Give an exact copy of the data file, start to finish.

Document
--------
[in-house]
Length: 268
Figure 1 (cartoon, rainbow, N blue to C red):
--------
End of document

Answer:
[in-house]
Length: 268
Figure 1 (cartoon, rainbow, N blue to C red):